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Through my experiences in HR and Career Coaching, there are certain mistakes that I see pop up again and again from people whose careers are in transition – little detours people take that put them on a very windy path to career success.

That’s why I’m introducing a series of posts titled “Career Detours”, shining a light on these common missteps so that you can stay on the right path. You can expect one every week or so, starting today!

Detour #1: Not having a plan.

Unemployed job searchers often panic and dive into the job search head first without even looking to see if there’s water in the pool. Employed job searchers often feel that they have all the time they’ll ever need to find a job, which leads to procrastination and low productivity. It’s imperative to prepare a scheduled search plan. I can’t tell you how important structure is. Literally writing out where you’ll do your search from (be it an at-home office or a coffee shop), blocking off hours to pursue opportunities, and finding someone to keep you accountable to your search should be components of everyone’s job finding plan.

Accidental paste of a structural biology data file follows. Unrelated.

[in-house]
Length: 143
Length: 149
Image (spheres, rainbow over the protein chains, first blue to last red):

If you’d like to learn more about what goes into developing a career plan, check out my book, From Roadkill To Road Map. Also, please share any career detours you’re aware of, whether you’ve experienced it first-hand or have seen someone else fall into a common job searching trap!

Join the discussion 3 Comments

  • Jennifer H. says:

    Excellent information David!

    You described exactly what I did, jumping in head-first over a panic, not looking to see if water was in the pool! I looked so hard, networked so much and spent hours on-line doing on-line applications that I burnt myself out after 6 months, then slowly drifted from looking at all. I have had some interviews and some went very good … but still haven’t been chosen. The competition must still very steep. I’m now having trouble believing I will get a job. Help!

  • David says:

    Yes that’s the danger of a long search. It eats away at our self esteem! Make sure you evaluate your process. If it’s not yielding fruit you might want to change your method. Remember what is working for one might not work for the other. There are a lot of factors to consider, the market for your discipline, location of that industry, etc.. I’m always open if you want to talk more about this in detail.

    Whatever you do stay on the horse! Giving up most definitely will not get us there.


  • […] week I introduced the first of a series of posts titled “Career Detours.” This week’s detour may not sound like one at first, but trust me, that’s why […]